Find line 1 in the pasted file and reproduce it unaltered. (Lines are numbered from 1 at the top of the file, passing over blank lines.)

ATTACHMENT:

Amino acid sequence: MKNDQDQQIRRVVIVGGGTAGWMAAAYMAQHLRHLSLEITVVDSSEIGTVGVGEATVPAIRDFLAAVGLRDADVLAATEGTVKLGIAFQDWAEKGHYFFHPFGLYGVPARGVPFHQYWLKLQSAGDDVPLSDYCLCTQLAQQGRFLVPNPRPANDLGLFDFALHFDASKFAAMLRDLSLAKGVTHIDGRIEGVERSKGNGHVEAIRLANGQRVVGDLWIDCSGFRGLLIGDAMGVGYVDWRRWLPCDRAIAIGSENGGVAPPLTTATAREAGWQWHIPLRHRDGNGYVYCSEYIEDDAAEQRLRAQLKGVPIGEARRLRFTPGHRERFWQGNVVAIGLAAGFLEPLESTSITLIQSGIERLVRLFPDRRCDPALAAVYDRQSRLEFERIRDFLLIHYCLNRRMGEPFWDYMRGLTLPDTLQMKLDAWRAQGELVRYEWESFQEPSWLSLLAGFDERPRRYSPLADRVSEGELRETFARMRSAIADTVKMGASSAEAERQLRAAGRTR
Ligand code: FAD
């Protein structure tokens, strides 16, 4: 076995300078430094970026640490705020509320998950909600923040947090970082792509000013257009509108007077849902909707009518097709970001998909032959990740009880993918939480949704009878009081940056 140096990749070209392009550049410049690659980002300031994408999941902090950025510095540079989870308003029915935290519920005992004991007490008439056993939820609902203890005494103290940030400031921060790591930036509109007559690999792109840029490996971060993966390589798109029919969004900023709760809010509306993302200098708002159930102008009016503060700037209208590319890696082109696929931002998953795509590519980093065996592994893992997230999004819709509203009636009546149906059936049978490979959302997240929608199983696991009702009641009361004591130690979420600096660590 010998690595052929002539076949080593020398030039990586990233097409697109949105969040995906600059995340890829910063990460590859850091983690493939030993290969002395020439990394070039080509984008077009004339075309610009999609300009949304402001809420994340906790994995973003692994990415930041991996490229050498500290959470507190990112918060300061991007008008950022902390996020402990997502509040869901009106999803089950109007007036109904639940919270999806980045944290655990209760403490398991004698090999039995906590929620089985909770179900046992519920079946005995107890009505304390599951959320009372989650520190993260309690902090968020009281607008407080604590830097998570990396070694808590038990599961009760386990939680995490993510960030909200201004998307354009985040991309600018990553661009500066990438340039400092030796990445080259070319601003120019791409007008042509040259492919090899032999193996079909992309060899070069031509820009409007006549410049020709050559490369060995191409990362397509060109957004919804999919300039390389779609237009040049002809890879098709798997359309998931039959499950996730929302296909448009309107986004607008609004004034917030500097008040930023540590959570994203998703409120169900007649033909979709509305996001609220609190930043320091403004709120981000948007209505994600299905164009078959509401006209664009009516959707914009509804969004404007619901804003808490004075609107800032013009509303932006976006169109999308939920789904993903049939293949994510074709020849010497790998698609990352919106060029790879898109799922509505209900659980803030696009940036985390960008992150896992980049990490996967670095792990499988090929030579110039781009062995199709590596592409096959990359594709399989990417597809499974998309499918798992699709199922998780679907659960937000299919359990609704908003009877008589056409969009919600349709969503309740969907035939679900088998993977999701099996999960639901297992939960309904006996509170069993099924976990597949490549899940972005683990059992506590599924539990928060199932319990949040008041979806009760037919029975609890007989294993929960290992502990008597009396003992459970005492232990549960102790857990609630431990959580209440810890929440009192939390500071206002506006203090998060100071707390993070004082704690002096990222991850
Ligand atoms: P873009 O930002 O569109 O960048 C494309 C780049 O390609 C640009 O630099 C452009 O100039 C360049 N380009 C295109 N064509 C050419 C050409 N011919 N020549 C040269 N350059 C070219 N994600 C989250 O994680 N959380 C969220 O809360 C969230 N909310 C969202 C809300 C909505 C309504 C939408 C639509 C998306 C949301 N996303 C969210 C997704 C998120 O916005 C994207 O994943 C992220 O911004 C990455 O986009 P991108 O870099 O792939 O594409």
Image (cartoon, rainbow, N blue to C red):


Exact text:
Amino acid sequence: MKNDQDQQIRRVVIVGGGTAGWMAAAYMAQHLRHLSLEITVVDSSEIGTVGVGEATVPAIRDFLAAVGLRDADVLAATEGTVKLGIAFQDWAEKGHYFFHPFGLYGVPARGVPFHQYWLKLQSAGDDVPLSDYCLCTQLAQQGRFLVPNPRPANDLGLFDFALHFDASKFAAMLRDLSLAKGVTHIDGRIEGVERSKGNGHVEAIRLANGQRVVGDLWIDCSGFRGLLIGDAMGVGYVDWRRWLPCDRAIAIGSENGGVAPPLTTATAREAGWQWHIPLRHRDGNGYVYCSEYIEDDAAEQRLRAQLKGVPIGEARRLRFTPGHRERFWQGNVVAIGLAAGFLEPLESTSITLIQSGIERLVRLFPDRRCDPALAAVYDRQSRLEFERIRDFLLIHYCLNRRMGEPFWDYMRGLTLPDTLQMKLDAWRAQGELVRYEWESFQEPSWLSLLAGFDERPRRYSPLADRVSEGELRETFARMRSAIADTVKMGASSAEAERQLRAAGRTR